In case you missed Wednesday’s webinar on Neuroscience: “Why We Do What We Do” you can watch it on-demand!
Here’s a word from the guest speaker of this topic, Lynn Randall:
Experience Design Brainiacs
Great event experience design can come from anywhere. But, truly brilliant experiences grow from understanding the human beings who’ll be consuming what we create. This is the basis for diving into what may seem an academic and unrelated scientific area of study. But, peeking into the human brain and applying what you find inside may truly be the stuff of genius.
Let’s start with a basic and easily relatable fact. We’re social beings. No really, and truly deep to our core we are all social, because we’re wired that way. It helped our caveman ancestors survive in the wilds. Alone they realized they would die, but bonded together in groups they were more likely to live to see another day.
One of our basic human drives is the desire to bond and connect with each other. We know this, because we receive natural chemical drug hits when we meet someone. Whether we’re connecting with someone new or catching up with an old friend in-person or online, our bodies release oxytocin. Oxytocin is the naturally occurring chemical that makes us feel content, affectionate, and generally calm. Doesn’t that make you feel even better about the public service you’re providing as an event professional? You’re spreading trust and contentment with every welcome reception or final night party you create.
Those aren’t the only emotions upon which we should focus. Harnessing the power of emotion carries along the greater good of achieving your event’s business goals and objectives. We always thought that logic and reason were the strong biceps of a business message’s knock-out punch. Neuroscience tells us that’s just not the case. It’s actually emotion that creates a much more powerful impact that logic or reason. Cognition and emotion are closely related and intertwined within our brains. The existence of neural wiring between the thinking and emotional centers of the brain mean that emotions are the gateway to helping or preventing the brain’s ability to retain information and learning.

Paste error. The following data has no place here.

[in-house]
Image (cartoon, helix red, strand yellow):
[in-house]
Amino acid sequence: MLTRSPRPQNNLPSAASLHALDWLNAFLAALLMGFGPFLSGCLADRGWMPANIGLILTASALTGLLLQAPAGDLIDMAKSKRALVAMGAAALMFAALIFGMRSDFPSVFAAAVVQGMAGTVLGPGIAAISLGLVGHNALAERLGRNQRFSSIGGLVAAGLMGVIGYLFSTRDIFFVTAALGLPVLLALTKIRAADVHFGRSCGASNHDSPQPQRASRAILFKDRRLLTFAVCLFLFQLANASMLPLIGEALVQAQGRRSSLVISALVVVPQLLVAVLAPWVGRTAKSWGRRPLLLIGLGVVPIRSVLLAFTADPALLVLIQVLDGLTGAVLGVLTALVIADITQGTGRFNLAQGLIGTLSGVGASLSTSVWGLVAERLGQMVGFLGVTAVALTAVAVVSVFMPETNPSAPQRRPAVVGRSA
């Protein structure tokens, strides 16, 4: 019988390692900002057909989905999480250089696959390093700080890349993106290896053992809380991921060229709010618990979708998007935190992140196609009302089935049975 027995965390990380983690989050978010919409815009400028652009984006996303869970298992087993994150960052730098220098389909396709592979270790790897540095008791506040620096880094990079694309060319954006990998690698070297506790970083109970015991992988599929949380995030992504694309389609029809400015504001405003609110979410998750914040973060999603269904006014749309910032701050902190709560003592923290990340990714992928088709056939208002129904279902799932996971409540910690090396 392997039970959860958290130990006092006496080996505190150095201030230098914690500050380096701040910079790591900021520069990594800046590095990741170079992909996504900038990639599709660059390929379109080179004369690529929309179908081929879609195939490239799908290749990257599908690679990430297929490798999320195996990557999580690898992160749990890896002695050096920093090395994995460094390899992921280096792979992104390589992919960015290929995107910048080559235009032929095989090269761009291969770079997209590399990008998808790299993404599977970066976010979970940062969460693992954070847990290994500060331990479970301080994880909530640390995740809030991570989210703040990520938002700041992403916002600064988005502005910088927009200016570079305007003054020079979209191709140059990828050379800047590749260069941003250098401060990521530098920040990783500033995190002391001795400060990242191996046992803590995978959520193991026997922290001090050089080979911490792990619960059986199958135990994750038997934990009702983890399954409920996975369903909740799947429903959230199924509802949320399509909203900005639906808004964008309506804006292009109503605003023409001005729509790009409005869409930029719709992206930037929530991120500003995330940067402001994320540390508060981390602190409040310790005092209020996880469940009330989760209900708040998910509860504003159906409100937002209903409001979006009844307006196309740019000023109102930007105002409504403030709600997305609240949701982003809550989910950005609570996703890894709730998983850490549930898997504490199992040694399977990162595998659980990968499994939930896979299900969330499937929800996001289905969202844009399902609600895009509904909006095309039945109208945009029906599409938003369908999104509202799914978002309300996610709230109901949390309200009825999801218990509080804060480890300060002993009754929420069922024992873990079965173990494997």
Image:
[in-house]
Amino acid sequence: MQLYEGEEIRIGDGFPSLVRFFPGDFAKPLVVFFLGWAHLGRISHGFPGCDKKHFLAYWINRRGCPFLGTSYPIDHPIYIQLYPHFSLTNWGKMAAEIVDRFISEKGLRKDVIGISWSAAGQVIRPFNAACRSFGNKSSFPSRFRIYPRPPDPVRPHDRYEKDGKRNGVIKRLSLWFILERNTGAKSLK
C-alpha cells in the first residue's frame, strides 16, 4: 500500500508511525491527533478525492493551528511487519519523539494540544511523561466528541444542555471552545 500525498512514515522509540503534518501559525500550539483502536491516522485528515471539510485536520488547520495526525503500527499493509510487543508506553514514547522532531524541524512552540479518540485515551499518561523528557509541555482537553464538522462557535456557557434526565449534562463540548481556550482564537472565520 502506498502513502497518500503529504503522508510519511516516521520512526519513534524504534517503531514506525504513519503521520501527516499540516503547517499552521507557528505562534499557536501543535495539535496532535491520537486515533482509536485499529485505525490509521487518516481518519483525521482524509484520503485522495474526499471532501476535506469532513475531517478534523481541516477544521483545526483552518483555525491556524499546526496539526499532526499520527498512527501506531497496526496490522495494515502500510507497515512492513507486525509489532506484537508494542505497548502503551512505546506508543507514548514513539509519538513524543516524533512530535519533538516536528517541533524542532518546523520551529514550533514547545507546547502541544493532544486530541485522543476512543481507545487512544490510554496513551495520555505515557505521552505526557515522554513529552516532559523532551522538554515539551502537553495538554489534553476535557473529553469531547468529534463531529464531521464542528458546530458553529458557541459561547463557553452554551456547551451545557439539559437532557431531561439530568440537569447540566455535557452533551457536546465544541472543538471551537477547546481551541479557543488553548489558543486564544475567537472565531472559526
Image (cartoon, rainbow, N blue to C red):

Another key component to message absorption is that we have to provide our audiences with the grand scheme – the meaning behind our message before we launch into the minute details. If we aren’t thinking first about the meaning of our message, none of the other facts will stick. But wait, I’m not completely done with the emotional connection yet. Because studies have shown that emotional arousal focuses attention on the “gist” of an experience at the expense of peripheral details. Make sure your audience knows what you mean before you give them the charts, graphs, and lists of details.
These are but a few nuggets of the event design gold that comes with mining the findings of neuroscience. It’s my hope that these nuggets spark your interest in exploring more of the fascinating world of the human brain and what makes us tick.